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Atrophy of the brachialis muscle after a displaced clavicle fracture in an Ironman triathlete: case report

DOI: 10.1186/1749-7221-6-7

Keywords: Displaced clavicle fracture, Ironman triathlete, muscular-atrophy, brachialis muscle, brachial plexus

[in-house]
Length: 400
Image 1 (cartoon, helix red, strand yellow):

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Lesions of the brachial plexus are known to occur after displaced clavicle fractures. The most common way to get a lesion of the brachial plexus is a high-energy trauma leading to traction injuries[1,2], whereas lesions of the medial and the posterior cord have been reported most frequently[3,4]. A bone fragment from a displaced clavicle fracture is described in only 1% of the cases as the causative factor[4]. In this report we describe the case of a lesion of both, the musculocutaneous and axillar nerve with subsequent atrophy of the brachialis muscle. Regarding the anatomy, the axillar nerve originates from the posterior cord, whereas the musculocutaneous nerve originates from the lateral cord, which is not known to be affected by such injuries very often. The additional fact that a lesion of the brachial plexus occurred a certain time after a displaced midshaft fracture of the clavicle makes the case even more interesting and remarkable.In the last two kilometres of the cycling split in an Ironman triathlon a highly trained athlete hit a duck in the street and fell on his right side. He felt a sharp pain in his right shoulder and had to stop the race. Due to a previous clavicular fracture on his left side, the rider was highly suspicious of having sustained a similar injury. He returned back home and put on his old figure-of-eight dressing from the last fracture, without consulting a physician. He continued his training of indoor cycling and running and had no problems. Two weeks later before starting his swim training he continued to feel pain in his right shoulder, radiating into the radial side of the forearm and into the fingers. The clavicular head of the deltoid muscle showed a decreased sensation to light touch. An X-ray revealed a displaced fracture of the right clavicle (see Figure 1Panel A) and the athlete was advised to get this fracture treated surgically. A pre-operative CT scan was performed to help determine surgical fixation choices (see Figure 1P


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